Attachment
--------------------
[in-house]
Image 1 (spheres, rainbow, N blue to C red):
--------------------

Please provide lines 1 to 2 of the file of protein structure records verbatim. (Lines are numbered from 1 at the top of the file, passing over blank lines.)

[in-house]
Image 1 (spheres, rainbow, N blue to C red):